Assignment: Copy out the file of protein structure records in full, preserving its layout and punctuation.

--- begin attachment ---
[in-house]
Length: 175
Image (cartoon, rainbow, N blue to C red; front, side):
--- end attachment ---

[in-house]
Length: 175
Image (cartoon, rainbow, N blue to C red; front, side):